By ANTHONY McCARTNEY, Associated Press
LOS ANGELES -- After six weeks of listening, jurors in the involuntary manslaughter case of Michael Jackson's doctor will get their first chance to talk about the case Friday.
Their discussions behind closed doors in a downtown Los Angeles courthouse could lead to the conviction or acquittal of Dr. Conrad Murray, whom the panel has heard described alternately as an inept and opportunistic physician or a naïve outsider granted access into Jackson's inner realm.
The seven-man, five-woman panel listened intently Thursday as prosecutors and defense attorneys argued over whether Murray should be convicted of involuntary manslaughter for Jackson's death in June 2009. The physician's attorneys attacked prosecutors and their witnesses, saying they had over time developed stories and theories that placed the blame for Jackson's death squarely on Murray.
Jackson died from a fatal dose of the anesthetic propofol, which Murray acknowledged giving Jackson to help him sleep.
The real reason Jackson died, defense attorney Ed Chernoff argued, was because he craved the powerful anesthetic so much that he gave himself a fatal injection when Murray left his bedside.
"They want you to convict Dr. Murray for the actions of Michael Jackson," Chernoff said.
"Poor Conrad Murray," prosecutor David Walgren replied in his final speech to jurors. "Michael Jackson is dead. And we have to hear about poor Conrad Murray and no doctor knows what it's like to be in his shoes."
Walgren noted that several doctors who testified - including two who were called by Murray's attorneys - said they would have never given the singer anesthesia in his bedroom.
Murray is solely to blame for Jackson's death, Walgren argued, saying Murray had purchased more than four gallons of propofol to administer to Jackson and had been giving him nightly doses to help him sleep.
Walgren repeatedly described Murray's treatments on Jackson as unusual and called his actions on the day of the singer's death - including not calling 911 and not mentioning his propofol doses to paramedics or other doctors - "bizarre."
Murray was essentially experimenting on Jackson, Walgren said. Murray should have known Jackson might die from the treatments, yet he lacked the proper life-saving and monitoring equipment.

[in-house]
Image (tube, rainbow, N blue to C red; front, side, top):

"What is unusual and unpredictable is that Michael Jackson lived as long as he did under the care of Conrad Murray in this situation," Walgren said.
The prosecutor repeatedly invoked the singer's children, Prince, Paris and Blanket, and said Murray's actions left them without a father. The children, who range in ages from 9 to 14, were not present, but Jackson's parents and several of his siblings attended closing arguments.
The Houston-based cardiologist's culpability will be decided by jurors, who heard from 49 witnesses and have more than 300 pieces of evidence to consider. They were given lengthy instructions about how to deliberate and interpret the case.
If Murray is convicted, he faces a sentence that ranges from probation to four years behind bars, and he would lose his medical license. The sentence will be decided by Superior Court Judge Michael Pastor and not the jury; the judge will receive input from attorneys for both sides and probation officials if necessary. A recent change in California law means that Murray, 58, might serve any incarceration in a county jail rather than a state prison.
If acquitted, Murray would be free from criminal prosecution, but will likely be pursued by medical licensing authorities in the states of California, Nevada and Texas.
In order to convict Murray, jurors will have to determine the cardiologist was substantially responsible for Jackson's death.
Despite days of scientific testimony about what likely happened in Jackson's bedroom from experts for Murray and the prosecution, Walgren acknowledged that some things about the events in the King of Pop's bedroom that led to his death will never be known.
"The people won't prove exactly what happened behind those closed doors," he said. "Michael Jackson could give answers, but he is dead."
AP Special Correspondent Linda Deutsch contributed to this report.
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